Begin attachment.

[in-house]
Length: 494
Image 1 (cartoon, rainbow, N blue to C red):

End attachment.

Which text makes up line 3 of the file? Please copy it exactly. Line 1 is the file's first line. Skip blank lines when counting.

Image 1 (cartoon, rainbow, N blue to C red):